SWING BRIDGE OVER RIVER OUSE
- Heritage Category:
- Listed Building
- List Entry Number:
- Date first listed:
- Statutory Address:
- SWING BRIDGE OVER RIVER OUSE
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- Statutory Address:
- SWING BRIDGE OVER RIVER OUSE
The building or site itself may lie within the boundary of more than one authority.
- East Sussex
- Lewes (District Authority)
- National Park:
- SOUTH DOWNS
- National Grid Reference:
- TQ 42787 05345
946/0/10050 SWING BRIDGE OVER RIVER OUSE 24-JUL-09
946/0/10050 Swing bridge over River Ouse 24-JUL-09
II Swing bridge. 1880, designed in 1878, by Henry E Wallis (CE) of Westminster, and constructed by Shaw & Co., with C20 timber replacement and safety additions.
HISTORY The River Ouse south of Lewes was canalised between 1791 and 1795, to create the Lower Ouse Navigation, designed by William Jessop and supervised by Cater Rand, a Lewes schoolmaster and civil engineer (Brent 1993). This work cut off a lengthy meander of the river between Itford and Durham Farms, and severed farmland, necessitating statutory provision of a bridge across the new canal at Southease. The current structure, which replaces an earlier bridge approximately 10m upstream, dates from 1880 and incorporated a swing span to permit the passage of masted vessels. The bridge was fixed in position in 1988, under parliamentary powers, to prevent large vessels sailing further up river. However, the pivot table is still in position.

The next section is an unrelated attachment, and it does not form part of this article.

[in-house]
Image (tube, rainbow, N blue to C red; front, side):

DESCRIPTION The bridge is a three-span structure, formed of wrought-iron bowstring trusses, 3.62m apart, with a total length between abutments of 43.2m. The western span of 13.8m is fixed and the remaining two spans, of 29.4m, centrally pivot to allow larger vessels passage. The ends of the bridge are carried on brick abutments with curved wing walls having projecting piers in red brick in English bond with stone copings. The embankments, the top of which are 6m wide and with a side profile of 1:1, were constructed at an incline of 1:20. The top of the embankments (and therefore the top of the bridge deck) was designed to be 2.75m above high water.